Serving as the filmmaker’s thirtieth feature, Danny Boyle’s Yesterday follows Jack Malik (Himesh Patel), a struggling musician who has been attempting to make a name for himself with the help of childhood friend and manager Ellie (Lily James), whose belief in his abilities has been unwavering – unlike his own. Upon reluctantly realizing that it’s not the minimal crowds of impassive listeners who are to blame for his troubles, but rather his own original music, Jack decides to give up on his dream. On his way home one night, a global power outage causes an accident and Jack wakes up the next morning in hospital.
In the hours that follow, Jack discovers that the event erased all memory of one of the most famous bands in history: The Beatles. No one remembers who they are, and no one knows their music . . . no one except Jack. Despite his initial hesitation, Jack begins to re-record the band’s many songs, passing them off as his own. This single action launches him to worldwide success when he is recruited by singer-songwriter Ed Sheeran (portraying himself) to accompany him on tour as his opening act. While on the road, Jack is picked up by LA-based manager, Debra (Kate McKinnon) who has him record his first album.
All the fame and money does little to stifle Jack’s growing concern at the fact that he is committing an act of plagiarism at the highest level. And the more recognition Jack receives, the further he feels from his small hometown in England, and the further he drifts from Ellie. With the eyes of the world watching him and the entertainment business’s insatiable appetite for more, Jack soon faces the same question that’s been haunting him since his life changed: will someone uncover the truth? He must ask himself how far he is willing to go for the dream he’s always wanted, and if it’s worth what he’s leaving behind.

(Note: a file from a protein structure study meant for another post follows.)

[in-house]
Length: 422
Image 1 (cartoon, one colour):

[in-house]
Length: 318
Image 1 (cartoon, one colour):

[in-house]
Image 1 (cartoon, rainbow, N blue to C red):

Yesterday, though situating itself among a horde of romantic comedies attributable in part to its familiar storyline, is able to distinguish itself from each of them due to its timeless soundtrack and the strength of the actors who propel each scene forward. Himesh Patel is as completely charming, and his genuine demeanor translates effortlessly through the camera. His relationship and chemistry with co-star Lily James is extremely refreshing, and the pair of them do the genre proud – one cannot help but root for them as a couple each time they are together.
But it is the music and the score which serves as the film’s greatest aspect. Whether one was displeased with the casting, locations or cinematography, it is near impossible to deny the splendid sensation of nostalgia that erupts inside the heart when the first few notes of ‘Here Comes the Sun’ or the opening phrases of ‘Hey Jude’ start to sound in the cinema. At the film’s core is an appreciation and tribute to Paul, Ringo, John, and George, four boys from Liverpool who changed the world with their music. Though it is not a traditional biopic, it seems that Yesterday is loosely following in such footsteps, crafting a project around a well-known artist in order to appeal to, not only their fan-base but the general masses as well. Yesterday showcases an entertaining twist on a light-hearted love story; the olive branch that is extended towards others and our passions. Boyle’s film reinforces the unconscious, universal need for art, and it is that very simple, very humane message which acts as the bow that ties the entire present together.
Oh, I believe in yesterday.
by Kacy Hogg
Kacy is an English Lit student living in the Great White North (no not Winterfell unfortunately), Canada. Her favorite films include the Harry Potter series, Cinderella, Captain America: The Winter Soldier, The Hangover, and Lady Bird. She’s also an avid binge-watcher of Game of Thrones and The Walking Dead. You can follow her on Twitter here: @KacHogg95